The United States provides tax breaks for savings plans, to encourage Americans to put away money for retirement. As with everything else in our tax code, this straightforward idea has become absurdly complex. There's a bewildering variety of different plans, with names that sound like secret code-the 401(k), the 403(b), the 457(b), the SEP, the SARSEP, the ESOP, and so on. There's an IRA, and there's a Roth IRA, which is different, and then there's a myRA, which is different from the other two. There's something called the "nonqualified deferred compensation plan." One of the savings vehicles in our tax code is actually called the SIMPLE IRA, but of course it's not simple at all; the SIMPLE IRA requires two different IRS forms (Form 5304 and Form 5305) and a ten-page book of instructions (Publication 4334). Each different tax-free savings plan has its own rules about who can use it, how much you can put in, how much you can take out, when you can take it out, what you can use the money for, and how much tax you'll owe. To deal with this expanding labyrinth of regulations, a billion-dollar advisory industry has sprung up just to help Americans figure out how to put money in a savings account.
Many other countries also use the tax code to encourage savings, but no place has made it as convoluted as the U.S. mess. In Canada, for example, the tax-free savings account is called, sensibly, a "Tax-Free Savings Account." Anybody can use it; you can put the money into any bank or investment account; you can deposit and withdraw at any time, for any reason. The interest and dividends are always tax-free. The plan is so clear-cut and so popular that savings have skyrocketed. It is a vastly simpler way to achieve the same goal that our tax writers have turned into an inscrutable muddle.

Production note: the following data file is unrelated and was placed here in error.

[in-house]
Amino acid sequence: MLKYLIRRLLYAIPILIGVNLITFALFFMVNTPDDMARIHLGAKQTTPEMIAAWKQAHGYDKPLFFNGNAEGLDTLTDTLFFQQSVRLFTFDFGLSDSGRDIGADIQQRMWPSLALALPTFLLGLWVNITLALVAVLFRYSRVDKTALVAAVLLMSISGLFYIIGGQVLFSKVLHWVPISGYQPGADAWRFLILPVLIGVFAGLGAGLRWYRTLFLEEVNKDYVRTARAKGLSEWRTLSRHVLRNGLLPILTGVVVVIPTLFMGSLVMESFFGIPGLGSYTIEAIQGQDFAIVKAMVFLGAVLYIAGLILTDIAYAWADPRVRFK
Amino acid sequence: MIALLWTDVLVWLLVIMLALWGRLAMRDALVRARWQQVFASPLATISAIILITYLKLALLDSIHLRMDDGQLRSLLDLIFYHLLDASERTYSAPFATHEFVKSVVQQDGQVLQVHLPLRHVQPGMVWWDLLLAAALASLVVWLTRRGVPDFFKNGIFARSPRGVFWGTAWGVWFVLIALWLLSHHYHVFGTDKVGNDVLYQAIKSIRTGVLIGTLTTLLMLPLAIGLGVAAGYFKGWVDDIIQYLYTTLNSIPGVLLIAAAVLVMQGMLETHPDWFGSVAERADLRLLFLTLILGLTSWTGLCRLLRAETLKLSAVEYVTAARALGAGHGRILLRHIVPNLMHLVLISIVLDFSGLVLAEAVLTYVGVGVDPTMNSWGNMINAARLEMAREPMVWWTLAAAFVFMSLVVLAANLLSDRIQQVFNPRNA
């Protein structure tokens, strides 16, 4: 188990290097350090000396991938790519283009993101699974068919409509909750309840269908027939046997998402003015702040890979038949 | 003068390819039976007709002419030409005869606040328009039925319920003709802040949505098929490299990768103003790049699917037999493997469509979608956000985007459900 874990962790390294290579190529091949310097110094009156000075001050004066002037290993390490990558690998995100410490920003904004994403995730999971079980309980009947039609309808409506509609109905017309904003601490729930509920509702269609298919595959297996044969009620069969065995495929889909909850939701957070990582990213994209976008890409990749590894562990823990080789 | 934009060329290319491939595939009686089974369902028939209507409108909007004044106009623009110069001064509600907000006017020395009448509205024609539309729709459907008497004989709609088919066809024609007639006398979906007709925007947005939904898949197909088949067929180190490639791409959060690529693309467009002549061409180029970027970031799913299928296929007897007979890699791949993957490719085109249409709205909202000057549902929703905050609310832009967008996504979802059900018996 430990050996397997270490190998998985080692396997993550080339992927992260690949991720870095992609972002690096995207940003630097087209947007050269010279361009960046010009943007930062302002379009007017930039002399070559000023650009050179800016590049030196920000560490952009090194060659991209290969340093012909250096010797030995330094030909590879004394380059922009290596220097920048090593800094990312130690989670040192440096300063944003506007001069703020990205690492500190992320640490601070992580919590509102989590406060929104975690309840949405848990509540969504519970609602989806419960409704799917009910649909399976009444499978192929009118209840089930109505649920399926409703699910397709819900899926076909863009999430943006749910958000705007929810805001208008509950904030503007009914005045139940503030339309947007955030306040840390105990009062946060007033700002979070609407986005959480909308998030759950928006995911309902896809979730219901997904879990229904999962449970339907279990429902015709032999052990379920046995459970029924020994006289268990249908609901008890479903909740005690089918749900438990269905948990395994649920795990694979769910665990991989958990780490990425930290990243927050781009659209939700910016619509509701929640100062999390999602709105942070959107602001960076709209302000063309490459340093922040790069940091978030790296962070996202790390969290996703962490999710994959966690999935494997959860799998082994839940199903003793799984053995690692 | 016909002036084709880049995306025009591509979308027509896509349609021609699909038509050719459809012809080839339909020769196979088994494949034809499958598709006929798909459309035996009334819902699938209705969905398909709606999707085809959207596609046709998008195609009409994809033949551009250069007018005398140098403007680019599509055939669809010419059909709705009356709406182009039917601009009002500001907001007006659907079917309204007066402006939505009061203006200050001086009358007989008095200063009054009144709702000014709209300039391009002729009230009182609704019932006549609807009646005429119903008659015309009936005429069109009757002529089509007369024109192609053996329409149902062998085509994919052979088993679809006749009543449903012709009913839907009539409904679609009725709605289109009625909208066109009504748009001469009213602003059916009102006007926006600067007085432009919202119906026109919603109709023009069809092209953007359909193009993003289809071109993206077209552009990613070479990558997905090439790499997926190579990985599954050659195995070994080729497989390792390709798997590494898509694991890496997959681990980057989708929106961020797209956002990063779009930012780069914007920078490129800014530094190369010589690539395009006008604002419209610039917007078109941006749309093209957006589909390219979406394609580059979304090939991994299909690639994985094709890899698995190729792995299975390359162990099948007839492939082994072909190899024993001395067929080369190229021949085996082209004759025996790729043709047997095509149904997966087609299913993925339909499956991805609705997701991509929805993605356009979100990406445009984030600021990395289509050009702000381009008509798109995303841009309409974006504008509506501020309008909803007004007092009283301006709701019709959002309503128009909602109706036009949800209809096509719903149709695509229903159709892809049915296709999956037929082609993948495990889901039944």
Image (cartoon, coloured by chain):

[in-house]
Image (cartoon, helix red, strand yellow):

The 535 members of the U.S. Congress-the people who write the tax laws-have given themselves various tax breaks and deductions that other Americans don't get. This is probably a natural tendency among people who write the law. As it happens, though, some countries have found ways to combat this predictable effort by legislators to reduce their own tax bills. Slovakia, for example, has a rule that members of the national legislature and the prime minister's cabinet always have to pay 5% more in tax than any other Slovakian with the same income.
Should we double the tax on sugared soda pop as a way to combat obesity? Should we impose a tax of 0.0001% on every Wall Street transaction? Should we tax commuters for driving to work when traffic is terrible? Should we give companies a tax break for raising wages? Should we tax gasoline at $4 per gallon? Should we triple the cigarette tax? In each case, other countries have given these ideas a test run.